7 Challenges of Psychotherapy
Every treatment has its downsides. Medications have side effects and it can often feel like a revolving door trying to find one (or a combination of a few) that work for any particular person. And while medications’ side effects are well-publicized, few articles are written about the potential “side effects” of other types of treatments, such as psychotherapy.
Psychotherapy can be a powerful treatment for everything ranging from depression and attention deficit disorder, to anxiety and panic attacks. And while there are many different forms of psychotherapy, virtually all of them share the challenges discussed in this article.
1. It can take awhile to find the “right” therapist and you shouldn’t stop at Therapist #1.
Finding the right therapist can be a frustrating hit-or-miss proposition. But it’s also imperative for a person to find a therapist that they feel comfortable working with in the therapeutic environment. Sticking with a therapist you don’t quite click with could mean weeks or months of frustratingly little progress. But find the right therapist for you, and suddenly each week can bring new insights and changes into the way you’re feeling and behaving.
I recommend people “try out” their therapist, much as one does for a hair stylist or even a blind date. If you don’t feel a strong connection after a few sessions, it’s time to move on. A strong psychotherapeutic relationship is one of the reasons psychotherapy works. Without it, you might as well just be talking to a friend.
2. Therapy is a strange, unnatural combination — an extremely personal, intimate relationship in a professional setting.
The very nature of one’s relationship with a therapist is a little weird. Professionals rarely acknowledge it, but there isn’t another relationship of this kind in the world. You’re expected to open up and share the thoughts and feelings that are causing you pain or trouble in your life, but it’s a completely one-sided relationship. All the while, it is a professional relationship as well, so while you’re sharing your innermost secrets you’re doing so in someone’s clinical office setting.
Of course, some professionals recognize the dichotomy inherent in the therapeutic relationship and work to make a client feel at ease in the professional setting. Although a little strange, the duality of this relationship usually starts to feel more natural the longer you’re in it. If it doesn’t, that could be a sign that something isn’t quite working well in the therapy relationship – an issue to talk to your therapist about.
Just because it’s a professional relationship you’re paying for doesn’t mean it will necessarily be easier to open up and talk about potentially embarrassing or difficult topics. Some people find it just as hard to talk to therapist as anyone else in their life about emotional topics or thoughts they are thinking. For therapy to be effective, however, you will need to find a way to overcome your fears and hesitation and open up to your therapist.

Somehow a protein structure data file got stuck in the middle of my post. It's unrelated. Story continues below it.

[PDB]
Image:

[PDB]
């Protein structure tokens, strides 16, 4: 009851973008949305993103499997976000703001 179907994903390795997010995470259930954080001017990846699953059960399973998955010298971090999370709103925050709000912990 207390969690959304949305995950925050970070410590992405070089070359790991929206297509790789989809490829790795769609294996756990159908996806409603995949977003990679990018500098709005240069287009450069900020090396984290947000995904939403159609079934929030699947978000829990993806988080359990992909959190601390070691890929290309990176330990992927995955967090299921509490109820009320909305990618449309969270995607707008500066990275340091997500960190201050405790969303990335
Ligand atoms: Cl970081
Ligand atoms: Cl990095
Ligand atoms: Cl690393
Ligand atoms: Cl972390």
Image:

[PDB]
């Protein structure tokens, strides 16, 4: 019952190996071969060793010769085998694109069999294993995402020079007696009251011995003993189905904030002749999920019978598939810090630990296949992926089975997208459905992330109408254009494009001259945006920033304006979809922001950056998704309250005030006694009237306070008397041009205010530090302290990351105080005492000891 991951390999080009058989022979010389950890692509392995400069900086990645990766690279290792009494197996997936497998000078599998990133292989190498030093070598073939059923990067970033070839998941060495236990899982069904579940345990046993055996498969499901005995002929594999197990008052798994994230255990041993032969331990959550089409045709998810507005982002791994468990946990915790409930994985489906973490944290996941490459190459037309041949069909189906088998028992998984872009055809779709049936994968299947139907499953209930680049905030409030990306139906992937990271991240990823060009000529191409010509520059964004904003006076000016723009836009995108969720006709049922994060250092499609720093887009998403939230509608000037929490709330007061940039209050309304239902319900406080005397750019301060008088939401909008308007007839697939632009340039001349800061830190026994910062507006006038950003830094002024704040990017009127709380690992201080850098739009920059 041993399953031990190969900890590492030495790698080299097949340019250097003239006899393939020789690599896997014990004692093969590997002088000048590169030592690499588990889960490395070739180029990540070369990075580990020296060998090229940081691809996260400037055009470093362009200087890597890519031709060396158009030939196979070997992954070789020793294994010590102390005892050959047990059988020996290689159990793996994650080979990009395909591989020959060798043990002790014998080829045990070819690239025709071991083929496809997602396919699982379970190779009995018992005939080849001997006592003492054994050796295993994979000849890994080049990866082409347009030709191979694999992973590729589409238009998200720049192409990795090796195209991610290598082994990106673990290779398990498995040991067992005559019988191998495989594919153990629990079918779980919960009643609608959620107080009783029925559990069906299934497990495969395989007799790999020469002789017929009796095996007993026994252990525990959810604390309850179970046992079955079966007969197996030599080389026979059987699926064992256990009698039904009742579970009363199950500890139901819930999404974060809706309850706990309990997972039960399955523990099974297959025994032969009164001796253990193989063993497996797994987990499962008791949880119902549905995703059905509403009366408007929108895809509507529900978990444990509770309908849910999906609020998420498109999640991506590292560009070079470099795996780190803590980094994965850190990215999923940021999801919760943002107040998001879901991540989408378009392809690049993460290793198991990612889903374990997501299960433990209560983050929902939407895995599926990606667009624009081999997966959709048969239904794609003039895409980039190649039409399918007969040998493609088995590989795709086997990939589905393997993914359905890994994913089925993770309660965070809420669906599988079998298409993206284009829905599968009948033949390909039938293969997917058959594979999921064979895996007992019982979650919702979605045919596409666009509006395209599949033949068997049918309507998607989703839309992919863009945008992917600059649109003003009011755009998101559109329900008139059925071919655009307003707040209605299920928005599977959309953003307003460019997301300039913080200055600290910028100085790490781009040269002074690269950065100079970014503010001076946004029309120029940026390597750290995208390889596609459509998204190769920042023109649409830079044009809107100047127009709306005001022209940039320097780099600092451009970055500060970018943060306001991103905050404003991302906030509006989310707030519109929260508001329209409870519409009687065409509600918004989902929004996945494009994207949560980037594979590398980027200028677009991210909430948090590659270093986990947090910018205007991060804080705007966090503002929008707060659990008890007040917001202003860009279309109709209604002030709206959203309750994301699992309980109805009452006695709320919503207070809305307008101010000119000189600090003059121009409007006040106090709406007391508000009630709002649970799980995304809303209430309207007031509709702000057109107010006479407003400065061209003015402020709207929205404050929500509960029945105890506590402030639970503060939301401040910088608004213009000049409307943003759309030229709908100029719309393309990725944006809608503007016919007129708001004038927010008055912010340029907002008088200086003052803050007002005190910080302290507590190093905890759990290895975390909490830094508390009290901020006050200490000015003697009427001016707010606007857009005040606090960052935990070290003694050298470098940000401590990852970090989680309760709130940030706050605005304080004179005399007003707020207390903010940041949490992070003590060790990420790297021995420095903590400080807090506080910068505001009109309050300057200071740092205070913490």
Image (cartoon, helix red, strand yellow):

3. Therapists leave and therapy ends.
You can keep taking a medication forever, barring any unpleasant side effects. And we don’t form emotional attachments with our medications. But psychotherapy is different. If you’ve been involved in a good therapy relationship, chances are you’re going to feel a natural emotional or spiritual attachment to your therapist. That’s natural, but it also makes ending the relationship all the more difficult. And when it’s done against our will – because, for instance, a therapist is moving far away, changes jobs, or retires – it can be devastating.
Good therapists will recognize that such changes can be especially challenging for their clients, and will spend the time needed to help them through the transition. All therapists are trained on how to best handle the ending of the relationship, for whatever reason. It usually hurts most people, just as the end of any important relationship in our lives.
4. It’s only 50 minutes a week.
It’s funny how a human being is expected to turn their emotions on and off at will. And yet that’s exactly what a therapist asks you to do once a week, for only 50 minutes. You come in and start talking and most people need time to ease into the session. It takes most people 5 to 10 minutes to get into the “therapy mode” of being there with their therapist and start talking about the serious stuff.
The worst part, though, comes at the end of your 50 minutes. Good therapists keep track of time and don’t let their clients get into new, emotional material near the end of the session, in order to ensure the client doesn’t have to leave in the middle of something. But sometimes that can’t be avoided. When it can’t and time’s up, it can feel like the therapist doesn’t care that you’re an emotional wreck and are being kicked out of the office.
By the way, there’s no scientific reason why it’s 50 minutes and not, say, 2 hours a week. This seems to just be a reasonable amount of time two people can talk to each other (and in modern times, how much insurance will pay for).
Grohol, J. (2008). 7 Challenges of Psychotherapy. Psych Central. Retrieved on February 22, 2018, from https://psychcentral.com/blog/7-challenges-of-psychotherapy/